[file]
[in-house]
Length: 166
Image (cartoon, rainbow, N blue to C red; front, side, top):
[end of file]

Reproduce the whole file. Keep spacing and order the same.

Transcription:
[in-house]
Length: 166
Image (cartoon, rainbow, N blue to C red; front, side, top):